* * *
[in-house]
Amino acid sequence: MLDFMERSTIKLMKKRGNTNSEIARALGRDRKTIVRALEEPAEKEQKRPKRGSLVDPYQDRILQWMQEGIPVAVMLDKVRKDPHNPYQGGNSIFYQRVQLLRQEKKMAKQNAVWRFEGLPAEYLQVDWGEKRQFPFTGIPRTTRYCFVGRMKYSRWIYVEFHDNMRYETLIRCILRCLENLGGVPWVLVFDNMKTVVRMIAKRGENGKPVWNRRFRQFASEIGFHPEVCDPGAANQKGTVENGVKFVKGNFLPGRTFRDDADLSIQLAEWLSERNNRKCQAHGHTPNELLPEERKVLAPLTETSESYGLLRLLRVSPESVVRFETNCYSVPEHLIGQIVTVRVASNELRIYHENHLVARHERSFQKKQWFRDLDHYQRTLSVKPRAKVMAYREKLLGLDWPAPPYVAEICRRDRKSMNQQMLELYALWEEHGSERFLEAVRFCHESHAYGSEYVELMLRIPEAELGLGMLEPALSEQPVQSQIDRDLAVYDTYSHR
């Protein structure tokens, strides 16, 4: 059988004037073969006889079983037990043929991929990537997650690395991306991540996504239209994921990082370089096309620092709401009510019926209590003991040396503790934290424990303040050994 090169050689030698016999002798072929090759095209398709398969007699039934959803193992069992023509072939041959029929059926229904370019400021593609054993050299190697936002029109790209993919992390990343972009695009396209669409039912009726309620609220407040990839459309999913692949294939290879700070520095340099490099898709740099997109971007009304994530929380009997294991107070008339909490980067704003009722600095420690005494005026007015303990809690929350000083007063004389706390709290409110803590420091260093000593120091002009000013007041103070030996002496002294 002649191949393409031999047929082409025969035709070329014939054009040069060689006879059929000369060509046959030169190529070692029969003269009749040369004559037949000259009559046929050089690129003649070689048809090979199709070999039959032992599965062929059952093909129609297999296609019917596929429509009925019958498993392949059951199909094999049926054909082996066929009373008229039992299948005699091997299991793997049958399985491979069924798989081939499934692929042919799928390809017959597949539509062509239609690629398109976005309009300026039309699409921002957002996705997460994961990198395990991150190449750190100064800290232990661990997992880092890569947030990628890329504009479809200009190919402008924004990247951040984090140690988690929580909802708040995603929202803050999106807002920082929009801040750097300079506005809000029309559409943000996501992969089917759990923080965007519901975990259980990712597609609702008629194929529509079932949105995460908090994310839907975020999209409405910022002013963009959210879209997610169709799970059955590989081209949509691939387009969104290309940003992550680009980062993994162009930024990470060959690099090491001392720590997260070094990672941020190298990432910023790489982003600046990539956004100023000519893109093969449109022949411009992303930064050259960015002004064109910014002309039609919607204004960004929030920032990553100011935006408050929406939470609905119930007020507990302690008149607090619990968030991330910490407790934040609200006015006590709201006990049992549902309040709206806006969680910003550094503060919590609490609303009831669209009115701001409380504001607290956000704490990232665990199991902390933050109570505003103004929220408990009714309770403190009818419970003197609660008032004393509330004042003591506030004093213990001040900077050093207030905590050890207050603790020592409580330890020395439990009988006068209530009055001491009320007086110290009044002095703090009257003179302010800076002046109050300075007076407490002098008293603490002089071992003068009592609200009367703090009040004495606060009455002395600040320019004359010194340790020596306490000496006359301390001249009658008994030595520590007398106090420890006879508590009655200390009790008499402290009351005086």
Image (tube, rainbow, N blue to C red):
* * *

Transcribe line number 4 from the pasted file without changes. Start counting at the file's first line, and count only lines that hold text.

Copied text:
Image (tube, rainbow, N blue to C red):